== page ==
Untouched Depths

Birding, by its very nature, makes one an intrepid traveller as it necessitates voyages to the remote.
Untouched Depths

Birding, by its very nature, makes one an intrepid traveller as it necessitates voyages to the remote. And the mysterious Narcondam Island is by far the remotest part of the country located 240 km northeast of Port Blair. A volcanic island, it is one of the 572 Andaman and Nicobar islands. Though Narcondam’s impenetrable dense tropical rainforests make it impossible to access most of the island, its untouched beauty is what takes the curious travellers there. The island’s name is said to be derived from Tamil words Nara Kundram (Pit of Hell), which refers to its dormant volcano status. 

Another feature that makes the island stand out is its pyramid-like structure rising from the water’s edge with hardly any beaches along its perimeter. The volcano has not known to have been active in recent times. The last time it threw out mud and smoke was on June 8, 2005. 

Perhaps, the biggest highlight of the island spread in an area of 6.8 sq km is the Narcondam Hornbill. The island was even declared a Wildlife Sanctuary essentially to protect the endemic bird. It’s a strikingly beautiful bird characterised by a long, down-curved bill, which is red and ivory. Plumage differs in male and female. The male has a rufous head and neck, and a glossy black body, while females are all black. They have bluish-white pouches and white tails.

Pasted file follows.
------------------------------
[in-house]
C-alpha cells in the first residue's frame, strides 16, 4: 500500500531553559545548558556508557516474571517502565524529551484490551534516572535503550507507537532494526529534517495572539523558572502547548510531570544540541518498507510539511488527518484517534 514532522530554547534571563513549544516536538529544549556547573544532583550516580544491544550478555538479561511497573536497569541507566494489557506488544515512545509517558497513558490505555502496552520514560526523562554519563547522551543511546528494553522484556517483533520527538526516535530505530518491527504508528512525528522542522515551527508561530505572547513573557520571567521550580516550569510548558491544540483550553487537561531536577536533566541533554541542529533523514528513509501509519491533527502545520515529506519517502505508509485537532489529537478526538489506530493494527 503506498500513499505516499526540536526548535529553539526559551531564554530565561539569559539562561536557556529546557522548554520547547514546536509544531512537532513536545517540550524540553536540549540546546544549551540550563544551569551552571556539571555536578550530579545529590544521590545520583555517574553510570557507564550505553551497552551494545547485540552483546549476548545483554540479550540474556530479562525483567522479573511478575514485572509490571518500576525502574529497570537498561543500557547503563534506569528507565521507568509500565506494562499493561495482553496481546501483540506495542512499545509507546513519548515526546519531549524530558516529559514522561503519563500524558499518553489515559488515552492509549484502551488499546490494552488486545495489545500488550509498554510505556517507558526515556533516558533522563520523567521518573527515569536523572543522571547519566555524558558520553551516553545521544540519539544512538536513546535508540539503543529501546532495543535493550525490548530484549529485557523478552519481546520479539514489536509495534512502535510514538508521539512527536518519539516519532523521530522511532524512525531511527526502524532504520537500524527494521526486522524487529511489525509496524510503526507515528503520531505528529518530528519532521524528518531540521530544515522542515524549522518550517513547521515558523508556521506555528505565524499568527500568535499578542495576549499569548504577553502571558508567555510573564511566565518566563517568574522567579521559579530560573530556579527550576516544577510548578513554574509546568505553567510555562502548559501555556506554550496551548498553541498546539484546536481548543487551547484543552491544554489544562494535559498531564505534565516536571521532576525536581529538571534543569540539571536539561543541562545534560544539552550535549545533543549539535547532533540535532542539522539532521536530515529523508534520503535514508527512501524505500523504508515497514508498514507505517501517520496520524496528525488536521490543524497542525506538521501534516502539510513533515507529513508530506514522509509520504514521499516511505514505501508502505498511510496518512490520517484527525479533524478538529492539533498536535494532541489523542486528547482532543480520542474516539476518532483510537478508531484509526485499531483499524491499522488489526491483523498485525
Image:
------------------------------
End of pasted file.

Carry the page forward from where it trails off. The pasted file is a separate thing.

The area was uninhabited till 1968, when the government created a police lookout post. Each team of 17-18 policemen spends three months rotational duty on the island. While the speed-boat trip to Narcondam and back is long, there is plenty of action on the way.

The open seas are great for pelagic (birds that live in sea and away from land) birding. Birds such as Shearwaters, Arctic Skuas, Bridled, Black-naped and Sooty Terns can also be found here. And if you are lucky enough, you may get to see dolphins too. 

Narcondam is not an easy place to travel to. Logistics are complicated because one has to hire a speedboat to reach there. Also, special permissions are needed from the home and environment ministry and Coast Guard. There is no accommodation in Narcondam. Sleeping bags stretched on shacks with wooden planks near the beach form cosy resting quarters. In short, the place makes for an adventurous trip.

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The New Indian Express